Projects involving condominiums, and securing your lien rights against them, always raise unique questions: Can lien be filed against the common elements? Does the lien attach to the whole development or an individual unit? Do the normal Louisiana lien requirements apply, or are there specific rules that govern liens on projects of this type?, etc.

In Louisiana, these issues are addressed by the Louisiana Condominium Act (“LCA”) (LA R.S. 9:1122 et seq.), and Louisiana Mechanic’s Lien Statutes – the Private Works Act (LA R.S. 9:4801 et seq.).

If you worked on only one individual condo unit, the answer is easy: Your privilege is against that individual unit, and your lien should reflect that.  If you performed work on the common elements, or for the condo project as a whole, the answer starts to get more complicated.

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The time you performed the work or delivered the materials to the condo project, and the party with whom  you contracted can effect your lien rights on a condo project.  If your claim arises prior to the forming of the condo association, you are allowed to file a claim of privilege against the entire plat of land.  After the condominium declaration has been filed for registry, however, LA R.S. 9:1124.109 says that no liens may be filed against the “entire condominium property or the common elements as a whole”.

Further, that same statute requires the consent of each of the unit owners in order to secure your lien.  This consent can be obtained easily, however, merely by contracting with, or getting the consent of, the condo association.

if the performance of labor or furnishing of materials is expressly authorized by the association, the labor or materials shall be deemed to be performed or furnished with the express consent of each unit owner and shall be the basis for the filing of a claim of privilege against each condominium parcel in the condominium. LA R.S. 9:1124.109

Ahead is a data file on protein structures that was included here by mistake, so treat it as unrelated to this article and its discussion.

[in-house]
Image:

The next sentence makes the process even easier, because it allows for a single lien to be filed against the condominium association to perfect the privilege against each of the individual units instead of forcing you to file a lien against each separate unit individually.

A single claim of privilege filed against the association shall be deemed to be a separate claim of privilege against each individual unit…

Each individual condo owner can extinguish the privilege on their unit by paying their pro rata share of the debt – as determined by their percentage share of the building’s common expenses.  After any such payment, it is the your responsibility to release the privilege against that individual condominium parcel.

Despite these specific condominium rules, the general procedures of Louisiana mechanic’s lien laws still apply.  Therefore, in order to preserve your lien rights, you should comply with the general notice requirements provided by the Private Works Act, make sure that a Notice of Contract is filed for projects over $25,000, and that a Notice of Lien Rights is provided under the Residential Truth in Construction Act.

If you’ve worked on a condo project, make sure to keep in mind both the regular Louisiana lien requirements as well as the specific condo rule in order to make sure your lien rights don’t get lost.